In a stinging critique of the UPA government, Mulayam Singh Yadav said on Tuesday that his Samajwadi Party (SP) was in the opposition. He said that the SP was fulfilling the role of the opposition by questioning the policies of the government, which he said had no direction.
The Samajwadi Pary supports the UPA government from outside and has bailed it out on several occasions, including the presidential elections recently and most importantly the confidence vote brought against the UPA-I government after the signing of the India-US nuclear deal and the Left's withdrawal of support. "We are against their (UPA's) policies which they must correct. That is the role of the opposition and we are fulfilling it," he said in Kolkata.
"There is a huge challenge before the country... especially before us who are in the opposition," he said.
The SP leader was speaking mostly about the coal scam that held up the entire monsoon session of Parliament and put the government on the mat.
"You can see there is no clear policy and we don't know where they want to take the country. No one can say. We sit everyday in the Lok Sabha.We listen. We are in touch with the govt, but there is no direction," he told reporters.
Mr Yadav clearly distanced himself from the government on this issue. During the monsoon session, he had also organised a protest outside Parliament against the coal blocks allocation scam, along with the DMK and the Telugu Desam Party.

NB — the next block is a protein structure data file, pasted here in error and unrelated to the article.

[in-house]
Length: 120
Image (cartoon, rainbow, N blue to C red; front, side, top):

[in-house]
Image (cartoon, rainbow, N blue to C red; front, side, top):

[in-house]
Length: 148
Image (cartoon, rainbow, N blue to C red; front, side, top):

Not only will this open criticism and taking up the space of the opposition worry the Congress, so will the fact that all of this was happening in Mamata Banerjee's capital. Ms Bannerjee has been the toughest ally that the Congress has had to deal with and her positions often allied with those of the opposition.
Mr Yadav had several good things to say about Ms Banerjee, whom he called hard-working and a fighter, though also stubborn. This cosying up of the two leaders could also give the Congress heartburn over a possible third front emerging. In fact, Mulayam's brother and senior SP leader Ram Gopal Yadav said as much,"We pray that there's a third front."
The two were last seen together before the Presidential elections, where Mr Yadav first supported Ms Banerjee against Pranab Mukherjee's candidature and was then won over in a matter of 48 hours by the Congress. He was also given pride of place during the government's annual report card event at the Prime Minister's residence.
Samajwadi Party's 21 Lok Sabha MPs have also been seen by the Congress as a counter to the 19 that Ms Banerjee has, whenever it looked like she would pull out of government.